Jan. 19, 2018
– The commander of the final space shuttle mission to repair the Hubble Space Telescope and a three-time spacewalker who helped to install the U.S. laboratory on the International Space Station will be inducted into the U.S. Astronaut Hall of Fame in April.
Former NASA astronauts Scott Altman and Thomas Jones will be honored as the Hall's 2018 class of inductees at the Kennedy Space Center Visitor Complex in Florida. A public ceremony on April 21, followed by a gala dinner hosted by the Astronaut Scholarship Foundation (ASF), will welcome Altman and Jones as the 96th and 97th enshrinees in the Astronaut Hall of Fame.
Altman and Jones' induction was announced on Thursday (Jan. 18) by space shuttle-era astronaut Curt Brown, board chairman of the Astronaut Scholarship Foundation, which oversees the selection process.
"Dr. Jones and Capt. Altman exemplify the qualities of true American heroes: courage, dedication and passion," said Brown, who entered the Hall of Fame in 2013. "As NASA's mission continues to evolve, with a goal to learn more and go further, we recognize that individuals like Dr. Jones and Capt. Altman play a crucial role in keeping that mission on course."
"We are delighted to be adding them to the elite group of men and women who have been inducted," said Brown.
Scott Altman, seen with the Hubble Space Telescope outside of the window, on space shuttle Atlantis during STS-125 in 2009. (NASA)
Selected with NASA's 13th and 15th classes of astronauts in 1990 and 1995, respectively, Jones and Altman flew on four space shuttle missions each. Altman logged 51 days and 12 hours in Earth orbit, while Jones spent a day and a half more, circling the planet for 53 days.
An accomplished Navy fighter pilot, Altman's pre-astronaut claim to fame was flying the aerobatic flight sequences for Tom Cruise's "Marverick" in the 1986 movie "Top Gun." As a space shuttle pilot and then commander, Altman — who goes by the call sign "Scooter" — flew missions aboard the orbiters Columbia and Atlantis.
Altman made his first spaceflight as the pilot of STS-90 in 1998, a mission dubbed "Neurolab" due to its focus on the effects of microgravity on the function of the human brain and nervous system. Two years later, he piloted STS-106, which was dedicated to preparing the International Space Station for the arrival of its first resident crew.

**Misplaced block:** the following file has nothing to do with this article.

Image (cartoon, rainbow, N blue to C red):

Altman's third and fourth flights were as the commander of the final two missions tasked with repairing and upgrading the Hubble Space Telescope. On STS-109 in 2002 and on STS-125 in 2009, Altman flew the shuttle to a rendezvous with the orbiting observatory, where his crew spacewalked to service the Hubble.
Following his return to Earth, Altman served as the chief of the exploration branch of NASA's Astronaut Office during the selection of the Orion spacecraft as the agency's next generation crew vehicle. He left NASA in 2010 and is now the senior vice president for civil programs for all of ASRC Federal's NASA and NOAA programs, including assembly of Orion capsules for upcoming exploration missions.
Thomas Jones, STS-98 mission specialist, grabs a hand rail while on a spacewalk outside the International Space Station. (NASA)
Jones flew B-52D "Stratofortress" combat missions for the Air Force and served as a program management engineer in the CIA's Office of Development and Engineering before becoming a NASA astronaut. His four space shuttle flights as a mission specialist were on board the orbiters Atlantis, Columbia and Endeavour.
Jones' first two launches were separated by less than six months. On STS-59 and STS-68 in April and September of 1994, Jones and his crewmates operated the Space Radar Laboratory, studying Earth's environment.
Jones' third space mission, STS-80, was the longest in the shuttle program's 30-year history. During the 17 days and 16 hours that he was in orbit, Jones helped to deploy and recover science satellites, but his two planned spacewalks were canceled due to a jammed airlock hatch.
Jones ultimately succeeded in walking in space on a trio of extravehicular activities (EVAs) during the STS-98 mission in 2001. He helped to install the U.S. Destiny laboratory on the International Space Station, including his overcoming a critical ammonia leak. In total, Jones logged 19 hours and 48 minutes working in the vacuum of space.
Since departing NASA in 2001, Jones has authored more than 200 technical and popular articles, as well as penned five books about space and aviation. Jones is now a senior research scientist with the Florida Institute for Human and Machine Cognition and the chairman of the Association of Space Explorers' near-Earth object committee, supporting international efforts to detect and deflect rogue asteroids.
The U.S. Astronaut Hall of Fame, as featured in Heroes & Legends at the Kennedy Space Center Visitor Complex in Florida. (KSCVC)
"I am gratified and thankful to be welcomed with Scooter into this elite group of pioneering astronauts, and to walk in the footsteps of my heroes," wrote Jones on Facebook on Thursday. "This honor is beyond my wildest space dreams, I can tell you."
Altman and Jones were selected for induction by a panel of astronauts, mission controllers and journalists overseen by the Astronaut Scholarship Foundation. To be eligible, they needed to have made their first spaceflight at least 17 years ago, be U.S. citizens trained by NASA, and now be retired from the astronaut corps.
The U.S. Astronaut Hall of Fame was founded in 1990 on the suggestion of the original Mercury astronauts. It is now a featured part of Heroes & Legends, a public attraction at the Kennedy Space Center Visitor Complex.